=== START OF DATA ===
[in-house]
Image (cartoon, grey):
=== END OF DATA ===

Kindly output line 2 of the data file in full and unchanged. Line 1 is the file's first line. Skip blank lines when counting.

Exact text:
Image (cartoon, grey):